I’m teaching what?

Here’s a comic and story from one of my own experiences from teaching. It’s amazing how things can change for a educator with little warning or notice. Check out the comic and story below.

It was the first day of school, summer was officially over and my career as an educator was about to kick off. Though I had yet to encounter any students (they did not start school until two days later) I could already feel the butterflies fluttering about in my abdomen. What will my students be like? Will I be able to manage the classroom? Will I be able to manage the responsibilities of teaching? Will I be able to manage my life? I sat and pondered, looking at my half-eaten donut that was so graciously supplied for breakfast the administration. There’s nothing like loads of empty calories and a big fat chunk of saturated fat sitting in your gut to start your year off on the right foot. I poked at it, thinking about how many days it would take for my stomach to digest the half of it I already consumed, wondering if I should live life on the edge and take another bite. Suddenly my profound thoughts were interrupted.
“Hey, there you are. I have your chemistry books.”
Boom! A large stack of textbooks with a lime green cover and the words Chemistry printed across the spine were plopped on the table in front of me, nearly crushing my prized breakfast. I looked up and beyond the stack stood one of my science teacher colleagues. They must have noticed the puzzled look on my face. “Um, I was told to give you these books, I guess you’re teaching chemistry?” she said to no one in particular, just letting the inquiry rise into the atmosphere, as if her experience had already told her there was no logical answer to be found.
“Wait, what?” I stammered. “I’m suppose to be teaching physics, at least that’s what I thought…”
“Welcome to the public school system!” she interrupted, and then walked away, supposing that was all the information I needed to reconcile the injustice that was being done to me. Of course, being a newbie to the system, such a response was indeed not enough, and I sought answers from my administrator. It turned out there was a unforeseen need for another section of chemistry, and I was the lucky candidate chosen to take on that class in addition to my sections of physics. (How it was unforeseen until the very start of school still is a mystery, but as experience has proven, this unfortunately not a rarity, and it is typical for schools to be in such states of flux up to and even into the start of the school year) I expressed my concerns in having little (okay, more accurately, none at all) notice and time to prepare for teaching this course, but such worries were dismissed as per folly, as it was noted that I was a science teacher and that all science was basically the same thing. Not wanting to debate one’s dogma on such matters (no matter how inaccurate it may be) nor rock the boat being the newest crewmember welcomed aboard, I accepted my fate and frantically began to refresh my chemistry knowledge that evening to prepare myself for teaching the course.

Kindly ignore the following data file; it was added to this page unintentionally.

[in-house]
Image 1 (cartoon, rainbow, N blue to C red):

I wish I could say that such an experience was a rarity, but as my years in teaching have proved, such surprises will pop up throughout one’s career. I have learned an important lesson from such that I believe all whom desire to venture forth into the field of education should heed. When embarking upon a teaching career, one must be ready to accept that rapid and unexpected change are all part of the job. In order to survive this profession, educators must be able to adapt with little or no warning or preparation.
This fact is why I have put together this book. I have spent over a decade in the field of education, and the last few years I have been making fun of all the craziness that surrounds this profession through my teaching and education comics at 180Dayz.com. Though my cartoons provide a brief moment of entertainment, many have found them to be a sort of much needed medicine, giving a much needed dose of humor to help alleviate the stress that comes along with the teaching profession. It has always been my hope that my work would help sustain educators to teach another day, as well as to inform the public as to what the lives of teachers are really like and just how various public policies affect us, our schools, and our students and their families. Now I am launching forth a new project with the belief that together, with the combined experience and knowledge of many brave educators whom don’t mind sharing the errors they made when they first started, an even greater impact can be made. This book contains true stories (with names changed to protect the innocent, and the not so innocent too!) of teachers first year experiences; their mistakes, what they learned, and perhaps what a new educator entering the field (or even a seasoned veteran) can learn from it. Through the use of real stories combined with my cartoon interpretations of them, this book is purposed as a resource that is not only visually appealing and entertaining, but profound in the insight it provides. Upon first reading some may find some of the stories to be down right unbelievable, but as any experienced teachers understand (and you soon will too), anything can happen in education! So find yourself a cozy spot to sit and delve into the world of teaching, trust me in that you will find it to be full of experiences you won’t forget (Even though some of us wish we could!).

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